On Wed, 5 Aug 2009 09:25:20 -0400, phps...@gmail.com (Bastien Koert) wrote:

>On Wed, Aug 5, 2009 at 8:02 AM, Ashley Sheridan<a...@ashleysheridan.co.uk> 
>> On Wed, 2009-08-05 at 21:49 +1000, Clancy wrote:
>>> Thank you to all of you who have commented on this query.
>>> On the subject of comments, I feel that Larry Garfield settled this query 
>>> by pointing out
>>> that halving the size of a particular document gave a barely noticeable 
>>> increase in speed.
>>> Paul Foster pointed out the problem of maintenance, but if, as I do, you do 
>>> your
>>> development in-house, and then upload the working copies of the program, it 
>>> would be
>>> possible to strip out comments when you upload it. If you were really 
>>> paranoid, this could
>>> have the advantage that if somebody managed to steal your code from the 
>>> server it would be
>>> that much harder for them to understand. On the other hand the process of 
>>> stripping out
>>> the comments could potentially introduce new bugs, and I think this 
>>> consideration would
>>> outweigh anything else.
>>> I have recently come to the conclusion that I should never consider 
>>> anything completed
>>> until I have analysed the HTML code for an actual page. It is amazing how 
>>> badly mangled
>>> tables and the like can be without producing any visible effect on the 
>>> page, and on
>>> several occasions I have found PHP error messages which were mixed up with 
>>> the HTML in
>>> such a way that they were not displayed at all. On at least one occasion 
>>> this gave me the
>>> clue to an otherwise baffling bug.
>>> I have also discovered that the process of analysing the HTML is made 
>>> substantially
>>> simpler by inserting HTML comments into the output; e.g. instead of
>>>       Echo '</td></tr></table></td></tr></table>';
>>> write
>>> ?>
>>> </td></tr></table>
>>> <!-End of table 2 '
>>> </td></tr></table>
>>> <!-End of table 1 '
>>> Unfortunately, for HTML readability, it is highly desirable not to indent 
>>> the code, and if
>>> you are trying to have nicely indented braces, this makes the PHP code that 
>>> much harder to
>>> interpret.
>>> And on the question of functions there is some virtue (primarily from the 
>>> point of view of
>>> maintenance) in not having individual files too large, so while it seems to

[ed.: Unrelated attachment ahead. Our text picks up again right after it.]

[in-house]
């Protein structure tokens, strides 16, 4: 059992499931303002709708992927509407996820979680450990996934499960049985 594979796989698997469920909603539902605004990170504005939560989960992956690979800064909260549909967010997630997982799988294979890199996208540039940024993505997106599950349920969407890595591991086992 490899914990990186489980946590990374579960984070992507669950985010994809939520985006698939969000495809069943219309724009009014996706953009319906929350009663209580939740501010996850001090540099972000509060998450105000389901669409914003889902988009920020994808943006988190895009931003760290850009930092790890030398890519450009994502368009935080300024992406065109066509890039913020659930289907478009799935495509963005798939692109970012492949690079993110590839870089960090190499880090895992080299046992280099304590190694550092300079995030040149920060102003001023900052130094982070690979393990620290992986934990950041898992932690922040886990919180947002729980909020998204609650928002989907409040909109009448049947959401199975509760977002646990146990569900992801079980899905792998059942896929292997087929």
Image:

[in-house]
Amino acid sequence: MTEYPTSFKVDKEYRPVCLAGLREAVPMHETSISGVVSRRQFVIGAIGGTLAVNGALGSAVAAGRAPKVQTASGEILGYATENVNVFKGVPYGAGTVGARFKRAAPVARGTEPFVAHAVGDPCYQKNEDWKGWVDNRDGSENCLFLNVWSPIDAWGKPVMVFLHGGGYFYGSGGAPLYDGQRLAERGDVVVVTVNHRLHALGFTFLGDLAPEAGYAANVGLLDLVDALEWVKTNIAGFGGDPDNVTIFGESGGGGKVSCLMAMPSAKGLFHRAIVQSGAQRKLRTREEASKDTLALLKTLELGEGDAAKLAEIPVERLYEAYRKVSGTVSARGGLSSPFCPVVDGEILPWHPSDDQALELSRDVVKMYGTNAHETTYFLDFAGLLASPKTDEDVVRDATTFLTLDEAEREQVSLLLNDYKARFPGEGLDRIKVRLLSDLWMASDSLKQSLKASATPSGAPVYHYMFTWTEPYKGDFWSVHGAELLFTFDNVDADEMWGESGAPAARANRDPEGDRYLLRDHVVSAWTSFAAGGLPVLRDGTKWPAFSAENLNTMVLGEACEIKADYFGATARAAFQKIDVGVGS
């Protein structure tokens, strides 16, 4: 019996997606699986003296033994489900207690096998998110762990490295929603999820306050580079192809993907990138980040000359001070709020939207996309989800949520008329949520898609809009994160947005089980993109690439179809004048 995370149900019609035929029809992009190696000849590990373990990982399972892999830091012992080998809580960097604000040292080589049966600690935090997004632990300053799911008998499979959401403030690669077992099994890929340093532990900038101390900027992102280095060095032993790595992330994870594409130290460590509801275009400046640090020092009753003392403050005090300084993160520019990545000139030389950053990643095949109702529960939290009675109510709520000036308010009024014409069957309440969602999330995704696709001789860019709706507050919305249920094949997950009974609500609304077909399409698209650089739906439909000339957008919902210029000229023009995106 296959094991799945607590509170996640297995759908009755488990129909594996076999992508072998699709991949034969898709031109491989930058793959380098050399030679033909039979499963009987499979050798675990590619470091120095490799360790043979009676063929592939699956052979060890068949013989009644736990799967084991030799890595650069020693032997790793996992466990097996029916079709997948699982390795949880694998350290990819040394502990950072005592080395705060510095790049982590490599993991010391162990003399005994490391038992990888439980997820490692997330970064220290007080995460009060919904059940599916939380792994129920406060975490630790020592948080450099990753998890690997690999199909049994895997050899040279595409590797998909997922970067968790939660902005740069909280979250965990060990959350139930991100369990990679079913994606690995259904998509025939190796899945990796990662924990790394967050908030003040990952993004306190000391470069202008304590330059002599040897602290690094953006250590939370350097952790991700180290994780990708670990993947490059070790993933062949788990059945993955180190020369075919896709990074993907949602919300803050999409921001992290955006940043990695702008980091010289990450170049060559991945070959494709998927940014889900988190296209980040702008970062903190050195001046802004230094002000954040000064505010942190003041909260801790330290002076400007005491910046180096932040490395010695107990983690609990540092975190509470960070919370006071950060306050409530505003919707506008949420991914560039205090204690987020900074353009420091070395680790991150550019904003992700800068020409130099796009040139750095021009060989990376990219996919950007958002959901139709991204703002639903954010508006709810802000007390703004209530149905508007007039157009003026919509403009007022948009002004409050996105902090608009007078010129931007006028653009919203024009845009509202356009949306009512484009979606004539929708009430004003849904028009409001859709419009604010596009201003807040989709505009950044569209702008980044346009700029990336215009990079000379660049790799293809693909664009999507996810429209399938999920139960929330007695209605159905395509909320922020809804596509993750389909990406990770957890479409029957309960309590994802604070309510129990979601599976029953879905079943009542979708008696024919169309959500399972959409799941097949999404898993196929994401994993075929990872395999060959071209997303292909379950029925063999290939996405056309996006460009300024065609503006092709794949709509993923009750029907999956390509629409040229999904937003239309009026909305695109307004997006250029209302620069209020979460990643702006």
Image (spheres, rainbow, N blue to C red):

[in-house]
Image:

>>> be the general
>>> consensus that splitting up functions into groups to give smaller files 
>>> will probably slow
>>> things down a bit, if they can be grouped into sets which are only loaded 
>>> in particular
>>> circumstances this would be worth doing.
>> Nested tables are the devils playthings!

I must be the devil, then.  I enjoy playing with them.  And if they're done 
right they
seem to work on every system I have tried them on.  Granted Dreamweaver design 
mode gets
its knickers in a knot if you nest them more than about 4 deep.

>> Thanks,
>> Ash
>> http://www.ashleysheridan.co.uk
>> --
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>I would agree there...we have an app that allows users to create forms
>dynamically with a left and right panel section along with some full
>width plug-in. At a minimum this is built with three nested tables.
>Here's the really rotten part, the VP (original dev for the display
>code) screwed a table close up somewhere. A bug they found literally
>minutes before it when to prod at a client site, instead of giving me
>15 minutes to trace it down, they wrapped the entire table structure
>in another table to make it look pretty.

Clearly he didn't verify the HTML before he released the original version. ;-)
>Drives me mental as it produces lots a visual screw up when a certain
>pattern in the form elements is created

That's the joy of HTML errors - often the output will appear normal until you 
make some
minor, and apparently irrelevant, change, when it all goes haywire.

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